How self-pity will destroy our chances to make a difference

No one likes people who wallow in self-pity.

Amiright? It's cringe-worthy. It makes you want to slap them in the face with a fish and tell them to, "get over yourself, man!"

But in the midst of our disgust of self-pity, we warmly embrace a Trojan Horse called "complaining." That's really all it is, right? A form of self-pitty? When we complain, we're saying to the world, "I deserve better than this." Using whatever form of self-righteous methodology we've adopted, we tell ourselves that whatever bad thing is happening to us right now can happen to anyone else except us. We're the exception. We're worth more than this crap.

Usually it's not that blunt or noticeable. We aren't seriously thinking to ourselves that we're the supreme ruler of the universe and these people who are inconveniencing us are mere peasants that live to serve us.

If we're being completely honest - I'm including myself here - we often turn to self-pity because it feels good. It's nice to feel like we deserve better, so we tell ourselves that. However, complaining is rooted in the same selfish part of our being that self-pity is rooted in. The part that expects better for our life because we deserve it. This little piece of our fleshly character runs contrary to the image that Christ has set up for us in Philippians 2:3-8.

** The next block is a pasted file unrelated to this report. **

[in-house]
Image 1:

3 Do nothing from selfish ambition or conceit, but in humility count others more significant than yourselves. 4 Let each of you look not only to his own interests, but also to the interests of others. 5 Have this mind among yourselves, which is yours in Christ Jesus, 6 who, though he was in the form of God, did not count equality with God a thing to be grasped, 7 but emptied himself, by taking the form of a servant, being born in the likeness of men. 8 And being found in human form, he humbled himself by becoming obedient to the point of death, even death on a cross.
— Philippians 2:3-8

Walking in humility means we're not above the inconveniences that life throws at us. It means we take life as it comes. We adapt, we hurdle, we overcome. But we don't complain or whine.

Now don't get me wrong - we can be disappointed. No one goes through life and isn't let down by things. But we don't let it get to our heads and dictate our attitude. We can say, "man, getting in that wreck sucks. I guess I need to start figuring out how insurance works." We're not sitting on our couch, car-less and complaining about it. We're being proactive about moving on because whether we like it or not, life isn't slowing down for us.

To complain is to not take responsibility for our life.

You either get bitter or you get better. It’s that simple. You either take what has been dealt to you and allow it to make you a better person, or you allow it to tear you down. The choice does not belong to fate, it belongs to you.
— Josh Shipp

Those who succeed in life and make an impact aren't the complainers. They're the doers. Take life in stride and plow through obstacles with a smile on your face and you'll find opportunity and responsibility are given to you. The next time you feel like complaining, take a moment to think about what you're thankful for. Gratitude and self-pity cannot co-exist.

Part of living simply is simplifying our mind and our spirit. If we harbor ill-will or have a propensity for complaining, we're building up a lot of emotional and mental clutter in our lives. Learning to resist this part of our flesh isn't easy, but it's worth it.